Of all the genres NETFLIX offers, the Documentaries catch my eye most often and not only are some entertaining, they are educational. Recently I happened upon “Burt’s Buzz”, the fascinating tale of how Burt’s Bees Company had it’s unlikely birth. I opened a PBR and put my feet up and met this very interesting fellow.
Burt Shavitz is that ancient face you see on their eye-catching, yellow packaging on the earthy, yet pricey lotions and lip balms sold everywhere. Evidently, Burt was born marching to the beat of a different drummer. Born in Manhattan, due to inherit a family factory, he enlisted in the service and came back to New York as an independent photographer. He took pictures of everyday New York and sold them to the NY Times, Life Magazine and a host of others. After taking a shot of a woman in the window of her apartment, who never left the building, Burt had an epiphany and moved to the woods of Maine. Feeling God wanted him to become a bee-keeper, he became a hermit hippie. Living in a cabin and a Thoreau-type existence, he made a living selling natural honey at craft fairs and beside the road. One day a young mother, Roxanne Quimby, hitched a ride with Burt in 1984. He encouraged her to take his leftover bees-wax and make home made candles to sell to tourists. In the movie, I could tell she was the love of his life and several times he refers to her as “the one”. The romance was never mutual, but a partnership was born.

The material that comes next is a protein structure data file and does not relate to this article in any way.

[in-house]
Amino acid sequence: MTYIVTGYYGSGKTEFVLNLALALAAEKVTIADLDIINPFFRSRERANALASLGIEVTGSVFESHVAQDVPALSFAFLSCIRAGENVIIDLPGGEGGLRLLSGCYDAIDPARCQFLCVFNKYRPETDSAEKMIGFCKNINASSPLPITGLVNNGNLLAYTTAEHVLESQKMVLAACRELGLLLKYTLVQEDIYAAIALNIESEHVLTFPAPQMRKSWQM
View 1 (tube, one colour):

Burt’s Bees was a small, local company that made candles, lip balm, and personal hygiene products, until today the total is 197 different items. From the rustic mom and pop operation in Maine, Roxanne became the driving force and expanded the company each year, until she moved the Burt and Bee logo to North Carolina in 1993. Burt says he tried to live there and mess around the 18,000 square foot factory, but by that time it was pretty much Roxanne’s company. She bought him out for $130,000, and they parted ways for good. In 2007, the company sold for $925,000,000 to the Clorox Corporation.
The movie doesn’t attempt to portray Roxanne as a corporate bad guy, but you can feel Burt’s pain and loss of her friendship. He still lives in a cabin in Maine with no real modern devices, cooks on a wood stove, and prefers to be outside. However, this quirky old hippie, who still looks like the wood cut image on the products, has adjusted to the modern fact of being an almost 80 year old pop icon in many markets. After being cheated out of about $200 million, by his estimates, he travels the world as Burt’s Bees mascot. Oddly enough, he seems to revel in this fame and lifestyle. Enjoying 4 star hotels and room service, his handlers claim he doesn’t understand his fame or how the world works in 2014, but came away with a different perspective. I saw the light in his eyes, especially in Taiwan, as he hugged pretty young Asian women, and gazed at long lines of fans waiting to take a picture with him. It was heartening to witness he still loves the woods of Maine, but I came away liking both the old Burt and the new one. Take a look at “Burt’s Buzz”.